I count my blessings: because I enjoy my own company and don’t go out that much, my life hasn’t changed that much since COVID—apart from the traveling. I am fortunate enough to have a job that is fairly secure and requires me to see people face-to-face, which means that I have had real interactions with folk since the summer. I am healthy emotionally, spiritually and physically. I always pray for this. I am able to help others. I gain knowledge, and I keep exploring my place in my religion. I still have hope that the future awaits around the corner.
Sometimes I want to breakaway, though, and move to Madrid, Spain. But maybe I’m too old for this now. When I moved here at 25, failure did not scare me, because I had nothing to lose. So it’s bittersweet that my situation is different now. I wonder if this is it, if I have come as far as I can go, if I haven’t done enough to make it count. In the five years that preceded my moving to Britain, so much changed, so fast, while I have little to show for the last 20 years. Yet finding yourself when you are a student with same-sex attraction (and in the LDS Church) is the type of watershed that simply cannot be perpetuated. It would be extremely unhealthy if it did. So I should praise God that I have found the stable life that I craved for.
A former missionary messaged me from Canada the other day to ask if I had pictures of him when he served his mission in ‘98. I’ve just gone through the boxes I keep in my wardrobe. No picture of him but the pictures I have found told me that it was time to move on to the next series of posts. I concluded ’97 over a year ago, so it is time indeed!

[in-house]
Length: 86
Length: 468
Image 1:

That summer was the real turning point in my life, the pinnacle of those five years.
I will get my journals to complete the tableaux. Do I wish I could go back? I ponder for a minute and come to a conclusion: the answer is ‘no’. And it is too easy to say that I would do things differently, would enjoy life more and wouldn’t torture myself over things like I did. It would not be me. Even if I had the knowledge of what would come. What would be the point? It would be terrible, in fact.
I am still burning with the fire of my convictions and I am not afraid to be my own person. So I don’t feel like I have lost much in that department. But I have learned a lot and I practise what I have learned. I now understand that dreams are important, but that dreams that can never come true are silly fantasies that need destroyed. I have decided that it is more important to follow your wisdom (while listening to your heart) than it is to follow your heart (and ignore the voice of wisdom).
I will be working from home again now, so I will have time to explore the summer of ’98. The pictures are here beside me: the first love smiling by the pool; the mentor who helped come out; the friend for life that I met then. That summer was the real turning point in my life, the pinnacle of those five years I have mentioned. Everything in my life I divide between before and after that summer.